Feb. 14 (Bloomberg) -- The dollar declined to its weakest level in almost two months after factory production in the U.S. unexpectedly declined in January by the most since May 2009, adding to evidence severe winter weather weighed on the economy.
The pound reached a more than four-year high versus the greenback on better-than-forecast construction output. The euro rose for a second day against the dollar as data showed the region’s economy grew more than analysts forecast. The Australian dollar advanced after consumer prices increased in China, the nation’s biggest trading partner.
“With this week’s U.S. data generally subdued and euro-zone data modestly firm in tone, the greenback is ending the week on a defensive note,” Nick Bennenbroek, the head of currency strategy at Wells Fargo Securities LLC in New York, wrote in a client note. “We expect the U.S. dollar’s softer bias could continue into next week.”
The Bloomberg Dollar Spot Index, which monitors the currency against 10 major counterparts, dropped 0.3 percent to 1,017.47 at 5 p.m. in New York after declining to 1,016.98, the lowest since Dec. 18. It slid 0.6 percent this week.
The greenback dropped 0.4 percent to 101.80 yen and slipped 0.5 percent on the week. The U.S. currency dipped 0.1 percent to $1.3693 per euro after declining to $1.3715, the weakest level since Jan. 27. The yen gained 0.3 percent to 139.39 per euro.
The JPMorgan G7 Volatility Index dropped to 7.79 percent after touching an almost three-week low of 7.76 on Feb. 11.
The British pound strengthened for a fourth day against the dollar after a government report showed construction output increased in December, adding to signs the economic recovery is gathering pace. Sterling appreciated 0.5 percent to $1.6747 after rising to $1.6756, the highest since November 2009.
Nigeria’s naira rebounded from a record low after the central bank of Africa’s second-largest economy said it intervened in the market and has enough reserves to keep defending the currency. The naira climbed 1.8 percent to 162.45 per dollar.
The South African rand rose, adding to its biggest weekly gain in four months, as interest rates among the highest in developing nations attracted foreign capital. The currency appreciated 1 percent to 10.8609 per dollar after increasing to 10.8403, the strongest since Jan. 22. It’s added 1.8 percent this week, the most since the five days ended Sept. 6.
The Australian dollar advanced for the first time in three days against the U.S. currency after China’s National Bureau of Statistics said consumer prices increased 2.5 percent in January from a year earlier. That compares with a 2.4 percent increase predicted by economists in a Bloomberg survey.
The Aussie gained 0.6 percent to 90.34 U.S. cents, extending a third week of gains to 0.8 percent.
A winter storm in the U.S. grounded flights and knocked out power to hundreds of thousands in the past three days. Citigroup Inc.’s U.S. Economic Surprise Index, which shows if data beat or fell short of economists’ forecasts, dropped yesterday to a 10-week low.
“Our best guess is that the severe weather has played a key role in the apparent deterioration in the incoming economic data for December and January,” Paul Ashworth, chief U.S. economist at Capital Economics Ltd. in Toronto, wrote in a note to clients. “After the weather returns to normal, whenever that might be, we would expect to see a marked improvement.”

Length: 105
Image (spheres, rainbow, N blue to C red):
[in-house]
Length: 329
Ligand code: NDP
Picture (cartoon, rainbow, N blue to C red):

The 0.8 percent decrease at manufacturers followed a revised 0.3 percent gain the prior month that was weaker than initially reported, figures from the Federal Reserve showed today in Washington. The median forecast in a Bloomberg survey of economists called for a 0.1 percent advance. Total industrial production dropped 0.3 percent even as utility output climbed the most in almost a year.
A preliminary reading of the Thomson Reuters/University of Michigan sentiment index remained at 81.2 in February for a second month. The median estimate in a Bloomberg survey of 74 economists called for a decline to 80.2. Forecasts ranged from 76.5 to 86.
“This weaker data is bringing down growth expectations for the first quarter,” Robert Sinche, a global strategist at Pierpont Securities Holdings LLC in Stamford, Connecticut, said in a phone interview. “Investors came into the year with a pretty positive view on the dollar, and there’s been a squeeze going on.”
The yen gained as Japan’s Topix index slid 1.3 percent and the Nikkei 225 Stock Average dropped 1.5 percent.
The euro extended a second weekly gain versus the dollar after the European statistics office said the region’s economy grew 0.3 percent in the three months through December. The median forecast of economists in a Bloomberg News survey was for a 0.2 percent increase.
“Just as we might be celebrating the fact that we’ve had a modestly better recovery than we thought for the euro zone, the market is becoming disillusioned with its expectations for U.S. growth,” said Jane Foley, a senior currency strategist at Rabobank International in London. “The dollar has had a very soggy month.”
The dollar slumped 0.9 percent this week, the worst performer of 10 developed-nation currencies tracked by Bloomberg Correlation-Weighted Indexes. The euro declined 0.4 percent, while the yen fell 0.3 percent.
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